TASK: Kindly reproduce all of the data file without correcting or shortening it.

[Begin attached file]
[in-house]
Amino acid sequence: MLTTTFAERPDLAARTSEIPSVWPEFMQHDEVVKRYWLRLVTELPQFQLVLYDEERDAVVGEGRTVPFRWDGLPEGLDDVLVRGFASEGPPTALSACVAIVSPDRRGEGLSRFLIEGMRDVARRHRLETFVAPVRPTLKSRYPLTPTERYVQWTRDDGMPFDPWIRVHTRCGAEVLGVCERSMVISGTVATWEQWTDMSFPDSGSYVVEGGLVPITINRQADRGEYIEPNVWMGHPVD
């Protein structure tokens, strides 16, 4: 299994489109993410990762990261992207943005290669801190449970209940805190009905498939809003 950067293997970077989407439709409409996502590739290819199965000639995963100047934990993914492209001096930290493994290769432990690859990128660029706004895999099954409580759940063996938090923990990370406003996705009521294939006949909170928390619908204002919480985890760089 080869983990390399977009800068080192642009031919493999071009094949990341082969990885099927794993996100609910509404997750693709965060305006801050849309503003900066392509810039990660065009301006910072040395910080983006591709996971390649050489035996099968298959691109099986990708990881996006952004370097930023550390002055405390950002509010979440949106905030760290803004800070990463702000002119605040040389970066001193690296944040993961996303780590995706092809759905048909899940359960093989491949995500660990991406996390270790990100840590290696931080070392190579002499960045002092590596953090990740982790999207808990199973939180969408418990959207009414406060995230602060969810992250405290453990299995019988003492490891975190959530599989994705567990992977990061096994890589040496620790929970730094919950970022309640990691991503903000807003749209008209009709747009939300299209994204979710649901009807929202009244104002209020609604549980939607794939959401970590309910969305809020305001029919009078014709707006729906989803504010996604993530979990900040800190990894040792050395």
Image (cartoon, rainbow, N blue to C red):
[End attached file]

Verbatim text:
[in-house]
Amino acid sequence: MLTTTFAERPDLAARTSEIPSVWPEFMQHDEVVKRYWLRLVTELPQFQLVLYDEERDAVVGEGRTVPFRWDGLPEGLDDVLVRGFASEGPPTALSACVAIVSPDRRGEGLSRFLIEGMRDVARRHRLETFVAPVRPTLKSRYPLTPTERYVQWTRDDGMPFDPWIRVHTRCGAEVLGVCERSMVISGTVATWEQWTDMSFPDSGSYVVEGGLVPITINRQADRGEYIEPNVWMGHPVD
């Protein structure tokens, strides 16, 4: 299994489109993410990762990261992207943005290669801190449970209940805190009905498939809003 950067293997970077989407439709409409996502590739290819199965000639995963100047934990993914492209001096930290493994290769432990690859990128660029706004895999099954409580759940063996938090923990990370406003996705009521294939006949909170928390619908204002919480985890760089 080869983990390399977009800068080192642009031919493999071009094949990341082969990885099927794993996100609910509404997750693709965060305006801050849309503003900066392509810039990660065009301006910072040395910080983006591709996971390649050489035996099968298959691109099986990708990881996006952004370097930023550390002055405390950002509010979440949106905030760290803004800070990463702000002119605040040389970066001193690296944040993961996303780590995706092809759905048909899940359960093989491949995500660990991406996390270790990100840590290696931080070392190579002499960045002092590596953090990740982790999207808990199973939180969408418990959207009414406060995230602060969810992250405290453990299995019988003492490891975190959530599989994705567990992977990061096994890589040496620790929970730094919950970022309640990691991503903000807003749209008209009709747009939300299209994204979710649901009807929202009244104002209020609604549980939607794939959401970590309910969305809020305001029919009078014709707006729906989803504010996604993530979990900040800190990894040792050395």
Image (cartoon, rainbow, N blue to C red):